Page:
Mining Players Nvidia And Samsung Still In Record Profit Despite Crypto Weakness

Tech giant Samsung expects overall profits to continue into Q4 despite a noted glut on the market for memory components used in cryptocurrency mining, among other uses. This comes after a collapse in demand for crypto-specific mining gear earlier this year, as prices for crypto-assets plunged.

Prices for Dynamic Random Access Memory, or DRAM, a key component in the production of graphics cards, have probably peaked, says a source quoted by the Financial Times (FT) of London. Prices for DRAM have already risen 48% from the start of the year and may rise further in Q3, but are expected to fall starting in Q4.

Samsung is expected to cut production of the chips to stabilize any fall in price. Micron, the large US manufacturer of DRAM chips, faced a “plunge” in its stock price in Q3 as it struggled to move its DRAM stock.

Nvidia, known for manufacturing graphics cards, has seen record profits despite declining demand for cryptocurrency miners. A fifth of Nvidia’s revenue now comes from producing “modified graphics chips” for data centers, which support the use of AI to process voice and facial recognition data, according to Bloomberg.

“China imports more semiconductors than crude oil”

It is not perfectly clear how much this general decline in DRAM prices has to do with the overall weak demand for graphics card. A Chinese official recently intimated that the DRAM market, which is “highly concentrated” between two Korean companies (Samsung and SK Hynix) and one American company (Micron), could be suffering from “price fixing”.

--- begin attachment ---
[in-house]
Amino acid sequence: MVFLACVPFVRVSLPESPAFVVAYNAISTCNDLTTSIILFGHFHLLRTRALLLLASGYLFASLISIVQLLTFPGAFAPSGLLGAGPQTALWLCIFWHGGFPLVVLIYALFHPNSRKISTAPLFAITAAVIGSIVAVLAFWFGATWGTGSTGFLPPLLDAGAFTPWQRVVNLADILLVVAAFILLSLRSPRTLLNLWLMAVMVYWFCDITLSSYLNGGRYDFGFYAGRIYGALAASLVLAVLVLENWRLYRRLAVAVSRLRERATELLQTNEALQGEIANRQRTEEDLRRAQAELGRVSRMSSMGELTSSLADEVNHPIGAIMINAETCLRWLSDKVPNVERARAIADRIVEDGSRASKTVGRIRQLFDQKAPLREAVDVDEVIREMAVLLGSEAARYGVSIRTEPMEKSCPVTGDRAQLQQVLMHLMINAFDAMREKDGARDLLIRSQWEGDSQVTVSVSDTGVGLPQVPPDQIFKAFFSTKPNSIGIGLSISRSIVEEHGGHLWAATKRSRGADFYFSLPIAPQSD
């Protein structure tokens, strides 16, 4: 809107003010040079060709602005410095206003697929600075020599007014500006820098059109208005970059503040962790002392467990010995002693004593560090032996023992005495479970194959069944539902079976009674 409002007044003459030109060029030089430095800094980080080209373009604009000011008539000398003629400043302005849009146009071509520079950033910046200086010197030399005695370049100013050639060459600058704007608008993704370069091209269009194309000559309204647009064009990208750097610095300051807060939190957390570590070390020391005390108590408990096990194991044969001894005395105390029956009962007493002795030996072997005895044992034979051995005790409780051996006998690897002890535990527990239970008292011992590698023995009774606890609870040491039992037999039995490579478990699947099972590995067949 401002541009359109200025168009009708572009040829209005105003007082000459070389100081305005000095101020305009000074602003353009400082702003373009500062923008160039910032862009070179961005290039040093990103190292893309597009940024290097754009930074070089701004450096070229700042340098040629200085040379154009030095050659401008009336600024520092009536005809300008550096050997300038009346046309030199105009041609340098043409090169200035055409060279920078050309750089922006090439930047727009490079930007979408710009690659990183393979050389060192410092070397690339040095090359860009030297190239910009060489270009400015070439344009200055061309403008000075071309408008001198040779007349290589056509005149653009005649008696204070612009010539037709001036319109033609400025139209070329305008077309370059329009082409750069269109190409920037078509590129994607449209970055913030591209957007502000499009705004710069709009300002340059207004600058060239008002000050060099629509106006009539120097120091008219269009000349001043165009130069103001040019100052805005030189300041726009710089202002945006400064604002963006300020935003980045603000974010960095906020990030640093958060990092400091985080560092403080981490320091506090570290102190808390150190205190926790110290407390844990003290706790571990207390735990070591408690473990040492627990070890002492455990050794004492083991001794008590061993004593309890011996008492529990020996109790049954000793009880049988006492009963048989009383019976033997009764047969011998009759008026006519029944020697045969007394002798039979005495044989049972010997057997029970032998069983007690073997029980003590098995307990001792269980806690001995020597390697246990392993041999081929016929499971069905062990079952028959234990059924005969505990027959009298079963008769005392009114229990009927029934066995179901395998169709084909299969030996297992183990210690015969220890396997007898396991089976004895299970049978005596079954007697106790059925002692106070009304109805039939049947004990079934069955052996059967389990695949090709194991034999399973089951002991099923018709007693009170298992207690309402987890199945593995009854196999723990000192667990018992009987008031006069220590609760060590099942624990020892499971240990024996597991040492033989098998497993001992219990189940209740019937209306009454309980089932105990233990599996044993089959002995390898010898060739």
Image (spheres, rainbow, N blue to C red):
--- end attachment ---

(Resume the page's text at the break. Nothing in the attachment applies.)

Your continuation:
China, aspiring in future to be DRAM self-sufficient, is now heavily dependant upon imports to satisfy its DRAM need. Although Chinese production of the chips has started to pick up, “their production capacities are not high, they are not expected to become viable competitors for [foreign companies] in terms of volumes, production efficiencies, or performance any time soon.”

 

Blockchain & Real Estate: How Tokenization May Be a Game Changer for Investors and Owners

The real estate market represents one of the oldest and most significant investment classes. Real estate investments yield competitive returns and are particularly effective hedges against inflation, however, there have been several persistent barriers to entry, including the high cost of entry and low liquidity.

With cryptoassets emerging as a new asset class, their underlying technology - blockchain networks - have evolved to not only serve transactional systems but also confer, hold and transfer value in general.

As the industry and technology continue to develop, there is considerable room in merging the old with the new, and few areas hold potential equal to the tokenization of real estate.

Tokenization, as the name suggests, is the representation of an asset or equity, in token equivalents, which can be fractionally divided and owned.

A tokenized property would be akin to a real estate investment trust (REIT), but much more flexible and with very little middlemen fees.